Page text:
Four Ways a President Trump Could Actually Help the Climate

Guest Contributor:  Eli Lehrer

President-elect Donald Trump obviously doesn’t have very many fans on the environmental left. And he has said things about climate change that don’t jibe with reality. There are nonetheless some Trump policies that could have pretty good effects for the climate. There are four in particular that stand out:

Support for natural gas development. Increased natural gas exploration and development, a key promise of Trump’s platform, has produced more CO2 emissions reductions and greater particulate pollution reductions than any other single factor, including massive, market-distorting subsidies for trendy renewables like wind and solar energy. Using more natural gas is the best and quickest way to get emissions of all sorts down in the short term.

Accelerated pipeline permitting. Trump has promised to approve the Keystone XL and other pipeline projects the Obama administration has delayed or denied. For all of the environmental movement’s screaming about them, it’s quite probable that making it easier to move energy around is a net win for the environment.  The most comprehensive economic models of the Keystone XL pipeline shows it would actually reduce CO2 emissions. Other projects will probably do the same no matter how much environmentalists on the left whine about them.

Support for nuclear power. The Obama administration, much to the dismay of many on the environmental left, was modestly pro-nuclear. Although Trump has been unclear on the particulars of nuclear policy, he certainly likes the idea of nuclear power and can be expected to continue to expand on Obama administration policies. Nuclear power is one of only two ways we know of (the other is hydro) to get baseload power without increasing CO2 emissions.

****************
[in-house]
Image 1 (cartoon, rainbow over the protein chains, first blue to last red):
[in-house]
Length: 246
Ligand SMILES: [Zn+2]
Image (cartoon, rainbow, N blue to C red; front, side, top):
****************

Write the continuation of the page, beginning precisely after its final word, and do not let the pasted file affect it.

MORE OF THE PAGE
The end of the Obama administration’s Clean Power Plan. The Obama administration’s Clean Power Plan was a top-heavy, bureaucratic proposal to use the Clean Air Act to deal with CO2. It would have done little to reduce climate change, while imposing huge costs on the economy. Trying to regulate carbon dioxide as if it were a particulate pollutant was a huge mistake and reduced the chances to find a market-based solution. While there’s unlikely to be a comprehensive replacement for the CPP under Trump, it may well be that inaction is better than the outgoing administration’s deeply flawed, economy-damaging “solution.”

Trump may well appoint people who make silly statements about the reality of climate change in the future and, of course, he’s not going to be one to keep his mouth shut. His administration might also refuse to participate in international conferences on the topic, which accomplish little anyway. Given that he appears to lack many conservatives’ aversion to bigger government, he also could end up supporting certain kinds of destructive energy subsidies as a way to reward those who voted for him; this would be bad.

But there are other reasons to think a Trump administration might have a pretty good climate change policy, despite not really wanting to have one at all. For example, it’s credible that some research areas the Obama administration disdained—geoengineering, in particular—could find a friendlier ear in a Trump administration than they did from Democrats. An infrastructure package and increased national security spending, if unwise on fiscal grounds, could also help advance the causes of grid modernization and improved fuel efficiency.

Eli Lehrer is president and co-founder of the R Street Institute, a free-market think tank. He oversees R Street’s central headquarters in Washington, D.C., as well as its field offices in Tallahassee, Fla.; Columbus, Ohio; and Austin, Texas and manages the organization’s $2.5 million budget. Prior to co-founding R Street, Lehrer was vice president of the Heartland Institute. He also played a major role in founding, a coalition of taxpayer, environmental, insurance and free-market groups dedicated to risk-based insurance rates, mitigation and environmental protection. He is the author of several academic book chapters on emergency management and insurance topics; and was editor of Heartland’s “Seven Big Ideas for Congress.” His research has been cited in the Wall Street Journal, New York Times, and USA Today.

Read more about Eli and R Street at National Review.